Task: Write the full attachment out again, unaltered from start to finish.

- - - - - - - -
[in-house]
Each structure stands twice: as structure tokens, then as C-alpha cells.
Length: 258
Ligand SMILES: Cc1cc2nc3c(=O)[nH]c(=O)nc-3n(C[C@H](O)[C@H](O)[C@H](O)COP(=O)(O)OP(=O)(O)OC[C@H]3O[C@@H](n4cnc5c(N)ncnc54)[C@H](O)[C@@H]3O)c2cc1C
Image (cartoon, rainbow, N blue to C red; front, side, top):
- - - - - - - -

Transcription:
[in-house]
Each structure stands twice: as structure tokens, then as C-alpha cells.
Length: 258
Ligand SMILES: Cc1cc2nc3c(=O)[nH]c(=O)nc-3n(C[C@H](O)[C@H](O)[C@H](O)COP(=O)(O)OP(=O)(O)OC[C@H]3O[C@@H](n4cnc5c(N)ncnc54)[C@H](O)[C@@H]3O)c2cc1C
Image (cartoon, rainbow, N blue to C red; front, side, top):